Once again, SAP’s balance sheet figures on the infrastructure topic “cloud computing” have risen significantly in its quarterly report. However, what is presented as a success is merely an ingenious sleight of hand. The actual application of SAP products takes place within the SAP community and among DSAG (German-speaking User Group) members, where few want to hear anything about cloud computing. Here, algorithms and data structures determine success.
The end of SAP’s success in the cloud is foreseeable, although not yet within reach. Like the IT scene, the SAP community is heterogeneous. In hybrid landscapes, not only do on-prem and cloud services change, but so too do app providers. For many SAP customers, sourcing CRM from Salesforce and HCM from Workday is a given. This agility is good for the market but also a challenge for vendors. However, more and more voices from the SAP community are saying that the new SAP CRM is superior to the no less successful Salesforce in terms of usability and user interface. This proves that the issue is not cloud computing itself, but rather functionality.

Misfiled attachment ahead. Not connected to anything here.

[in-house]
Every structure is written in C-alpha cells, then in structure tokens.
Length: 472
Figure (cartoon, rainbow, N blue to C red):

A good algorithm, suitable Fiori apps, a logical user interface, and consistent data structures are more important than the operating business model. Cloud computing offers many advantages: for example, it eliminates the need for every SAP customer to also employ a security and disaster recovery specialist, as cloud computing provides this service for them. But no one understands business processes more than SAP itself and its customers. This is where a unique selling point and competitive advantage develop, from algorithms (processes) and data structures (interoperability). Many IT providers have mastered cloud computing, but only SAP has mastered standard business processes—in fact, according to statements from existing customers, SAP’s CRM is superior to that of Salesforce.